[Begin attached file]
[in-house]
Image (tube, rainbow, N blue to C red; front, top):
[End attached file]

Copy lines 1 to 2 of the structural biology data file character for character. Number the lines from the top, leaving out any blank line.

[in-house]
Image (tube, rainbow, N blue to C red; front, top):